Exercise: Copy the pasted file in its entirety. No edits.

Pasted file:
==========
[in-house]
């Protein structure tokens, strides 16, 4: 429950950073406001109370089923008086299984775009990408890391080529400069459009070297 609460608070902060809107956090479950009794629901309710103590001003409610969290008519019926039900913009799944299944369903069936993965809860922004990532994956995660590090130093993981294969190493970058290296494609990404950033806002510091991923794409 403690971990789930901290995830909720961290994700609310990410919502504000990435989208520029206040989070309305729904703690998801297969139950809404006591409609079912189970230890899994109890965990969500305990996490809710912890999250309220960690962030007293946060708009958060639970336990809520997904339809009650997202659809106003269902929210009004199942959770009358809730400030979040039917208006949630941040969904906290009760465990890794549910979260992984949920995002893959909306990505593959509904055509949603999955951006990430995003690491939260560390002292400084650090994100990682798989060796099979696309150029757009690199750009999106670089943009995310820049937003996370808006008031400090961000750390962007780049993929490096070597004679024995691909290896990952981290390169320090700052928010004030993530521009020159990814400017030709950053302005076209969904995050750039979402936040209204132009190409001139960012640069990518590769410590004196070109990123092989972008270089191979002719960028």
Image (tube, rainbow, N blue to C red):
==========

[in-house]
């Protein structure tokens, strides 16, 4: 429950950073406001109370089923008086299984775009990408890391080529400069459009070297 609460608070902060809107956090479950009794629901309710103590001003409610969290008519019926039900913009799944299944369903069936993965809860922004990532994956995660590090130093993981294969190493970058290296494609990404950033806002510091991923794409 403690971990789930901290995830909720961290994700609310990410919502504000990435989208520029206040989070309305729904703690998801297969139950809404006591409609079912189970230890899994109890965990969500305990996490809710912890999250309220960690962030007293946060708009958060639970336990809520997904339809009650997202659809106003269902929210009004199942959770009358809730400030979040039917208006949630941040969904906290009760465990890794549910979260992984949920995002893959909306990505593959509904055509949603999955951006990430995003690491939260560390002292400084650090994100990682798989060796099979696309150029757009690199750009999106670089943009995310820049937003996370808006008031400090961000750390962007780049993929490096070597004679024995691909290896990952981290390169320090700052928010004030993530521009020159990814400017030709950053302005076209969904995050750039979402936040209204132009190409001139960012640069990518590769410590004196070109990123092989972008270089191979002719960028």
Image (tube, rainbow, N blue to C red):